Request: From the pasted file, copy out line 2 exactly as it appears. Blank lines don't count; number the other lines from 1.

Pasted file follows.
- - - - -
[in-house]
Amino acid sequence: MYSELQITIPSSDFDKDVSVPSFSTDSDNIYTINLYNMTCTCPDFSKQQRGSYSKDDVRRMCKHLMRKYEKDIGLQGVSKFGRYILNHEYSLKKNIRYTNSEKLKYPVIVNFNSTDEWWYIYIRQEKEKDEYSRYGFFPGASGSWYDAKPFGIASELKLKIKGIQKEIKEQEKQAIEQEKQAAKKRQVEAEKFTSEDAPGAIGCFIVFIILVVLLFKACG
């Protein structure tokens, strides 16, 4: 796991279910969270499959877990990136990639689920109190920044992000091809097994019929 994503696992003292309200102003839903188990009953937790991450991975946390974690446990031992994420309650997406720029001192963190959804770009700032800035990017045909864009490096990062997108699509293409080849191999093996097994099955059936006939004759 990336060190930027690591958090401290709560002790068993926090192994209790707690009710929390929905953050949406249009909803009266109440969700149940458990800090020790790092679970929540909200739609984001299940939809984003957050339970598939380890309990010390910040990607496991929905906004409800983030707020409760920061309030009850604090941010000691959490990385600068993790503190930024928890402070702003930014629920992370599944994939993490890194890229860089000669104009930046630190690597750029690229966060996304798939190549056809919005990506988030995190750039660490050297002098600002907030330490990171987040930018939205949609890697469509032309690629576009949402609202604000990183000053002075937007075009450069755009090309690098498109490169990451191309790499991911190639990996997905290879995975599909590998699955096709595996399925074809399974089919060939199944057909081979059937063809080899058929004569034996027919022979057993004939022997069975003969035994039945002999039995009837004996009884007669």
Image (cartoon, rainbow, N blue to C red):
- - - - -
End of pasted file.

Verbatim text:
Amino acid sequence: MYSELQITIPSSDFDKDVSVPSFSTDSDNIYTINLYNMTCTCPDFSKQQRGSYSKDDVRRMCKHLMRKYEKDIGLQGVSKFGRYILNHEYSLKKNIRYTNSEKLKYPVIVNFNSTDEWWYIYIRQEKEKDEYSRYGFFPGASGSWYDAKPFGIASELKLKIKGIQKEIKEQEKQAIEQEKQAAKKRQVEAEKFTSEDAPGAIGCFIVFIILVVLLFKACG